COLORADO SPRINGS, Colorado (CBS4) – Ten months have passed since Brian Wynne and his wife were last at their home in Colorado Springs.
“I was taking a nap and then the alarm went off,” he said.
On January 19, a fire in his basement spread throughout the house.
“When I opened the door, all I could see was black smoke,” Wynne said.
He and his dog got out just before the firefighters arrived. Immediately his mind started racing.
“What are we going to do? What is going to happen now? He thought.
Before the firefighters finished putting out the flames, he said a representative from Statewide Restoration was by his side promising to take care of everything – assuring Wynne that they would be back home before he they don’t know.
“At the time, it looked like a blessing from heaven, but it didn’t turn out to be so,” he said.
Initially, he says the company was on top of things, cleaning up and demolishing quickly, even painting the exterior of their home. But after just a few months, the work seemed to stop.
“I would drive by, there would be no vehicles here. The house is closed, I stopped, no one, nothing. I called people and they said they were having trouble with COVID, ”he said.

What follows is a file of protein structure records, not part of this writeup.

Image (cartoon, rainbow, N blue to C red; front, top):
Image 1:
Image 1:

CBS4 has spoken to half a dozen other state clients since November 2019, who say their projects have also been delayed and have received the same reasoning.
We spoke with a government employee who asked not to be identified. He says that is not the problem he has encountered.
“It’s about getting a check from our head office to pay for this, and just recently it’s taking months,” he said.
He says that instead of just firing the company, clients worry about money already spent and the potential repercussions of severing ties with the company that many have signed up with during a crisis.
“As you walk over to a couple where their house is still burning, sing that out and we’ll take care of it and that’s what they do,” he said.
A regional representative of Statewide, based in California, recently took over the Aurora branch.
He says the employee’s claims about the payments are completely unfounded and instead blames the delayed projects on staff running their Colorado office, many of whom have now been laid off.
He says they just weren’t applying for the necessary permits or hiring reliable contractors in a timely manner. Statewide Restoration CEO Gary Liardon also provided a statement in response:
“Our responsibility to our valued customers is our top priority and our most solemn charge. While we do everything we can to take on this responsibility without error, we are an organization of people and sometimes, even with the best of intentions, challenges will arise. It is the willingness to meet these challenges with honesty and integrity that defines our character. “
At the end of the day, it’s the owners who are caught in the middle and many are now paying for it.
“We were trying to see it like it was a vacation, but it didn’t really work out that way,” Wynne said.